Conflict & Justice

Syria: Rebels abandon UN-backed truce, renew attacks


Kofi Annan, UN-Arab League envoy to Syria, attends an Arab ministerial committee meeting in Doha to discuss the Syrian crisis on June 2, 2012. Qatar urged Annan to set a timeframe for his Syria peace mission, and asked the UN Security Council to apply Chapter VII which permits military intervention.



Syria's rebel forces have cast aside the UN-backed peace plan to halt violence in the region, saying that President Bashar al-Assad missed his Friday deadline to impose a ceasefire, Reuters reported

"We have decided to end our commitment to this (ceasefire)," Free Syrian Army spokesman Major Sami al-Kurdi said Monday. "We have resumed our attacks but we are doing defensive attacks which means we are only attacking checkpoints in the cities."

British-based Syrian Observatory for Human Rights told ABC News that the rebels have killed between 80 and 150 soldiers since Friday, in a series of offensives across Syria following the May 25 massacre of at least 108 people in Houla believed to have been perpetrated by pro-government forces.

More from GlobalPost: Houla massacre victims 'summarily executed,' says UN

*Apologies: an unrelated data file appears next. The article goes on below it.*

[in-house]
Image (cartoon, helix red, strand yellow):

“The Annan mission is essentially dead, and of course most Western powers admit that," said Michael Stephens, researcher at the Royal United Services Institute’s branch in Qatar, according to the Inquisitr. "Houla changed the game completely in terms of what people were willing to accept and what they were not.”

UN secretary-general Ban Ki Moon continued to push for the ceasefire as a central solution to the ongoing crisis in the region, according to ABC News. 

"Annan's plan remains central to the resolution of the Syrian crisis," Ban Ki Moon said. "We are deeply troubled by what has been going on. In the name of humanity, I urge the Syrian authorities to stop violence immediately."

More from GlobalPost: Syria: Kofi Annan warns of 'all-out war'

Annan will meet with US Secretary of State Hillary Clinton this week to discuss the next moves for brokering peace in Syria, the Hill reported. 300 UN observers have been sent to region as part of international truce efforts, but they have not managed to stop the violence that has many worried about a civil war. 

“Many people... have questioned whether the six-point plan has failed — whether it is the end, whether it is dead,” Annan's spokesman Ahmad Fawzi said, the Hill reported. “They've written the obituary already. But we will continue to pursue the plan because it is the only option on the table at the moment.”